“Is the person who he claims to
be?” old fashion due diligence
may give the correct answer!
Neapolis University, Cyprus
Purpose – This paper aims to critically examine the impact of the evolution of technology regarding
customer due diligence (CDD) measures and highlight potential weaknesses in the areas of business
emerged from third parties, politically exposed persons and international clients. The paper explores
whether the use of old-fashioned CDD measures can aid relevant professionals to examine whether the
(potential) client is who he claims to be.
Design/methodology/approach – The paper is focused primarily on the use of important
evaluation reports, in Cyprus and the UK, to identify potential aws regarding CDD measures and the
legal framework in ghting economic crime. Interviews from professionals were carried out to provide
rst-hand experience on relevant issues.
Findings – The view, that nowadays due to the evolution of technology, CDD is more efcient than
ever, is based on solid ground. However, taking in consideration relevant reviews and reports, the paper
concludes that there are signicant problems and difculties in gathering and assessing client’s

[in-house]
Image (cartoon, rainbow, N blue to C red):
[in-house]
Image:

information. Therefore, the use of old-fashioned due diligence measures, in appropriate circumstances,
might provide a more adequate investigation for high-risk customers.
Practical implications – The paper, in contrast with a professional’s recorded opinions, uses high
prole reports to prove that there is a loophole in current legal framework relating to CDD measures.
Originality/value – The paper uses two important reports from Cyprus and the UK to prove the
weaknesses of current application of CDD measures. The analysis provided in the paper can be used to
persuade professionals that there is space for the use of old-fashioned CDD.
Keywords Economic crime, Cyprus, Money laundering, Due diligence
Paper type Research paper
The ght against economic crime – united we stand!
The ght against economic crime continues to intensify signicantly in recent years,
and the governments around the globe seem more willingly than ever to cooperate and
devote resources in dealing with evolving corruption. Of course, it is acknowledged that
despite the fact that there is a continued recognition of the importance of anti-money
laundering (AML), as a result of the nancial crisis, many professionals and especially
banking leaders have been focused on capital, liquidity and credit issues and possibly
the survival of their institutions (KPMG, 2011).
It is clear that the global nancial crisis uncovered deciencies of the nancial
system that can not only be attributed to the failure and inadequacy of banks’ ofcials
(Tomasic and Akinbami, 2011). It would be dangerous to consider otherwise, as
measures taken will not target all possible causes.
There are not many examples where cooperation and coordination between so many
countries and organisations has been achieved. The failure to prevent economic crime or
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Journalof Money Laundering
Vol.19 No. 1, 2016
©Emerald Group Publishing Limited